Solomon the Rusty Nail
William Steig ~ Farrar Straus Giroux, 1985
I swapped with stopping off place for this one a while back, and it's just now made it to the top of the review heap. Which is what happens to a book around here when the boy falls in love and traipses off with it to his horde pile. We have thousands of books and somehow the boy manages to know where each and every one is at any given moment. Particularly the books he loves the most, which includes all of William Steig's titles. Most everything that guy touched turned into pure literary gold.
Solomon is no exception.
Solomon was an ordinary rabbit, except for one thing: anytime he wanted to, he could turn into a rusty nail. How did he discover he had this gift? He was sitting on the bench by his house one day, just gazing at the world, when he happened to scratch his nose and wiggle his toes at exactly the same time.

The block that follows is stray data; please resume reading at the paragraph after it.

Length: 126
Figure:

And zingo! just like that, he became something hard and tiny.
Nobody could make up a story like Steig.
Solomon loves to freak out his family with the neat trick, but when a nasty cat discovers his secret... Solomon eventually ends up nailed to the side of the cat's house, in despair.
As always, Steig's language is positively edible...
"Must I stay locked in this prison until it rots and caves in and releases me? That could take a hundred years. Would I still be alive then?" he wondered. "Do nails die?"
Steig always begged children to think more deeply... feel more strongly... stand on the edge of reason and look out fearlessly on a world of unknowns. In his pages, good always trumps evil using the simple strengths of will and conviction. My kind of happy endings.
Love, love, love that man.
The Amazing Bone
Amos & Boris
Yellow & Pink
The Zabajaba Jungle
Father Palmer's Wagon Ride
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